Holiday, Let's Get Serious, Seasonal

No, I Will Not Participate in Your MLK Day Sale

I’m not sure how widespread the incredible work of the Reverend Dr. Martin Luther King, Jr is known across the world, but if you don’t know who he is, allow me to give you an extremely abridged history lesson. Dr. Martin Luther King, Jr. was a southern Baptist minister from Alabama who worked tirelessly to help end segregation and racial injustice toward black Americans during the 1950s and 60s. He worked with President Lyndon B. Johnson to pass the Civil Rights Act in 1964, led the March on Washington where he gave his historic “I Have a Dream” speech (which you can listen to here), and was working on ending segregation in housing when he was assassinated outside of his hotel room in Memphis, Tennessee by James Earl Ray in April of 1968. You can find out so much more about his work and his life by searching his name on Google or checking out his Wikipedia page.

Now do you understand why I won’t participate in MLK Day sales?

There are plenty of ways and days for retailers to make money throughout the year that don’t take advantage of a nationally recognized holiday honoring people who’ve actually made a difference in this country.

During his last speech, Dr. King addressed the rumors of bomb and assassination threats, saying that he’d seen the “promised land” and that, while he’d like to live a long life, he was no longer afraid of death and he believed his work could be carried on by those who supported and followed him and believed in his mission. You know what he didn’t give as a reason for being okay with dying for? Some stores having 30% off the crap they couldn’t sell before Christmas so they can make way for new merchandise.

Retailers are notorious for doing this, and have been for decades. They use a holiday or day of recognition and/or remembrance as an excuse to hawk more of their stuff for some extra foot traffic into their stores and websites so they can make more money. Now, don’t get me wrong, I get that stores have to make money in order to continue putting out new products. I get that a good economy relies on people spending their money locally. I also get that some companies go by the “by any means necessary” mentality. What I, and quite a lot of people, can’t support is using civic leaders and veterans as a way to cushion their bottom line.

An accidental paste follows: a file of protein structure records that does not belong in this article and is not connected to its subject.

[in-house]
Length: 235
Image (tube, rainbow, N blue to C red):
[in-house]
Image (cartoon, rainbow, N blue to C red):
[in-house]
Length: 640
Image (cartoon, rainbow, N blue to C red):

During Memorial Day, a day to remember those who’ve given their lives in the armed forces for this country, companies hype up their summer products, marking the day as the “unofficial” start of summer and the beginning of grilling season.

On Veterans Day, while some companies do give higher discounts to veterans and their families, civilians can also take advantage of their service and sacrifice by getting goods at a discounted cost in the name of supporting veterans.

Presidents Day sales? That one makes as much sense as MLK Day sales! Meaning, it doesn’t at all.

And don’t even get me started on fucking Columbus Day sales. The only thing worse than having a nationally recognized holiday for a man who not only didn’t know what the fuck he was doing, but acted upon and encouraged the slaughter, rape, and overall genocide of indigenous people, is having people celebrate it by buying stuff they bought at stores that was probably made using slave labor, and that they’ll throw away in a few months anyway.


There are ways to go about getting support for your company on and around these national days of remembrance and recognition. For instance, on Memorial and Veterans day, giving discounts only to veterans and their families. On September 11, stores could give a steep discount to first responders. Hell, even making up days that aren’t about the aforementioned groups of people, just to get people talking. Macy’s does a “One-Day Sale”. Victoria’s Secret and Bath and Body Works have their “Semi-Annual Sales”. All of these get people pumped about shopping at those stores, and it doesn’t even coincide with a national holiday.

I encourage shoppers to protest with their wallets, and tell the stores how you feel. Don’t shop on MLK Day or Memorial Day. Let them know you want to spend your money at their establishment, but that you won’t be doing so on the backs of those who’ve given their lives for this country. We can make a change. And it may not seem like a big deal to some people, but it should be.

In love,

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